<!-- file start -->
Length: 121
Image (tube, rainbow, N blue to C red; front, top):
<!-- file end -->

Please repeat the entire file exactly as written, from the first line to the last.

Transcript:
Length: 121
Image (tube, rainbow, N blue to C red; front, top):